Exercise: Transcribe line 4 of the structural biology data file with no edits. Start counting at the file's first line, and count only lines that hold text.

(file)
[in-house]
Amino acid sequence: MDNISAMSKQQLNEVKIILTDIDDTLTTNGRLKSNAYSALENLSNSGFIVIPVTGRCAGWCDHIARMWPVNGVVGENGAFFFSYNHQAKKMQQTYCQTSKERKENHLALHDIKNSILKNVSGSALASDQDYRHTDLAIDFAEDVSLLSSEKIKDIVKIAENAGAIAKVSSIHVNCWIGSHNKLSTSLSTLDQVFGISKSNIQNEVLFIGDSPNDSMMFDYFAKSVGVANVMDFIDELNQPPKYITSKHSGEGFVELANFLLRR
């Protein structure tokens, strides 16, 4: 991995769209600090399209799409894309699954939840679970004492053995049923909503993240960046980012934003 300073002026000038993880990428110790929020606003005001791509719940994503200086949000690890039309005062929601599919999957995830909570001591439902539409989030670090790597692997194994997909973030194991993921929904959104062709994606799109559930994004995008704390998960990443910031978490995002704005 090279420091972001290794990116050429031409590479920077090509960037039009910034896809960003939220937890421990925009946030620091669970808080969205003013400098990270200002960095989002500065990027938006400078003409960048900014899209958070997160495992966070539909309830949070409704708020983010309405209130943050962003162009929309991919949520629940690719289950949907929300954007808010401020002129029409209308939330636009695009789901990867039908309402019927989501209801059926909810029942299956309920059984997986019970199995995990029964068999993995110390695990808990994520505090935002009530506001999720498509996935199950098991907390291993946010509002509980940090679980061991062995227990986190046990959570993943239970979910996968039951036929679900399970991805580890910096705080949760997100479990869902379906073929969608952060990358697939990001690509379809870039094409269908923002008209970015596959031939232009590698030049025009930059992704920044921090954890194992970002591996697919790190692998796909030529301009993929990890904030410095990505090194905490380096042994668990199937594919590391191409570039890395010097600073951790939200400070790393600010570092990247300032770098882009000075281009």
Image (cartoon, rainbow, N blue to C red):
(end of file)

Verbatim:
Image (cartoon, rainbow, N blue to C red):